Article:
Covid-19 outbreak hits Rantoul, Illinois, pork plant
One of the largest meat processing plants in central Illinois is battling an outbreak of coronavirus in which 21 cases of COVID-19 have been already been counted, a company official confirmed Monday.
Rantoul Foods, which is based in Rantoul and processes between 30 million and 35 million pounds of pork each month, saw its first case on April 25, said Jerry Jacobsen, the company’s director of human resources, safety, and business administration. Since then 20 more cases have been reported.
Jacobsen said the company is taking safety measures to bring the outbreak under control.
“The first thing is the health of our employees,” Jacobsen said, “because without our employees we don’t have a business.”
The first worker identified with COVID-19 has now recovered and returned to work, he said.
The Rantoul, Illinois plant’s total cases make up the overwhelming majority of the total 27 cases reported in Rantoul. Village of Rantoul Administrator Scott Eisenhauer said in an email that officials “have assisted some commercial and industrial businesses in identifying resource providers for masks, gloves, and hand sanitizer.”
“With the testing that has occurred at Rantoul Foods, and with the availability of tests in Champaign County allowing more to be tested, it is no surprise to see an increase in the numbers,” Eisenhauer said. “As we have all learned through this process, when more people are tested the numbers of confirmed cases rise, so a contributing factor to the increase in numbers is also a reflection that more in Rantoul are getting tested.”
As of April 30, there have been at least 6,300 reported positive cases tied to at least 98 meatpacking facilities in 28 states, and at least 30 reported worker deaths at 17 plants in 12 states, according to previous reporting by the Midwest Center for Investigative Reporting.
In Champaign County, 173 total cases have been reported since March, with six deaths attributed to the virus. The meat processing plant has contributed to a recent surge in cases.
The plant’s first cases were reported just days before President Trump ordered meatpacking plants to remain open to mitigate food shortages.
Counting temporary employees, Rantoul Foods has 650 workers and produces 4.5 million servings of pork a day.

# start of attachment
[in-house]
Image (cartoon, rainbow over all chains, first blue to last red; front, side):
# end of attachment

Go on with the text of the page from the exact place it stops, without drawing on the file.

Plant sanitation procedures were already comprehensive because “we are making food,” Jacobsen said, and seven U.S. Department of Agriculture inspectors were on site daily.
“Since this happened, we’ve reevaluated the process and chemicals to make sure we’re using the most effective ones in the plant,” he said.
Now the plant’s common areas, restrooms, and locker rooms are sanitized at least three times a day, and employees are given a health screening when they come to work and provided a mask, Jacobsen said.
Further, the plant has slowed down line processing speeds by one half, he said, to both give employees more space to work and to accommodate a drop in employees.
“Employees are crowded so close together because of line speeds,” Jacobsen said.
And the company is allowing employees to decide if they want to come to work or not, regardless if they have tested positive for the virus.
“We have more than 40% of employees who have chosen not to come to work because they are afraid ... and they are protecting their families,” Jacobsen said. “We’re doing the best we can without them and not penalizing them in any way.”
Health officials from the Champaign-Urbana Health District visited the plant on April 27, 28, and 29, he said, and found operations to be in full compliance with their recommendations to mitigate the spread.
Julie Pryde, administrator of the Champaign-Urbana Public Health District, said in an email that health officials were working with plant management on “testing, contact tracing, isolation, and quarantine. We are also following up to ensure that they are following the infection control plans.”
Jacobsen said they are testing all employees and “are partway there.”
“Of our population, we are working on testing everyone ... so there is a positive rate under 4%,” he said.
“This has impacted everything about our business and we have no idea of the end result for us,” Jacobsen said. “We just know we need to protect our employees.”